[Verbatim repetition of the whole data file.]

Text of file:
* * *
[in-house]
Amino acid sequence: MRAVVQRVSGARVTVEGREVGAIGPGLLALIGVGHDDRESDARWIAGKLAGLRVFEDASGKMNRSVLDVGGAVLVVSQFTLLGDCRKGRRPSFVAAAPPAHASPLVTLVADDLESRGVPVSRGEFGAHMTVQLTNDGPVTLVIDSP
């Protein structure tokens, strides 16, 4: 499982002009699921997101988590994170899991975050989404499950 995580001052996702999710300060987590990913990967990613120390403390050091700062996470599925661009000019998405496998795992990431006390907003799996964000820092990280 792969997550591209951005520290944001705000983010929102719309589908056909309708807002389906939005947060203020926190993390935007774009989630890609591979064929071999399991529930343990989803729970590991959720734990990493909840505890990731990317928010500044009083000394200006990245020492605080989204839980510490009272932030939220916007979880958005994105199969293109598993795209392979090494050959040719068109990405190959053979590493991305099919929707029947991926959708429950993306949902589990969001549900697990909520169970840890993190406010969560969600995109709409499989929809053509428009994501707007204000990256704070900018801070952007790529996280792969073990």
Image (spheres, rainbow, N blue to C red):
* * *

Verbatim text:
[in-house]
Amino acid sequence: MRAVVQRVSGARVTVEGREVGAIGPGLLALIGVGHDDRESDARWIAGKLAGLRVFEDASGKMNRSVLDVGGAVLVVSQFTLLGDCRKGRRPSFVAAAPPAHASPLVTLVADDLESRGVPVSRGEFGAHMTVQLTNDGPVTLVIDSP
């Protein structure tokens, strides 16, 4: 499982002009699921997101988590994170899991975050989404499950 995580001052996702999710300060987590990913990967990613120390403390050091700062996470599925661009000019998405496998795992990431006390907003799996964000820092990280 792969997550591209951005520290944001705000983010929102719309589908056909309708807002389906939005947060203020926190993390935007774009989630890609591979064929071999399991529930343990989803729970590991959720734990990493909840505890990731990317928010500044009083000394200006990245020492605080989204839980510490009272932030939220916007979880958005994105199969293109598993795209392979090494050959040719068109990405190959053979590493991305099919929707029947991926959708429950993306949902589990969001549900697990909520169970840890993190406010969560969600995109709409499989929809053509428009994501707007204000990256704070900018801070952007790529996280792969073990």
Image (spheres, rainbow, N blue to C red):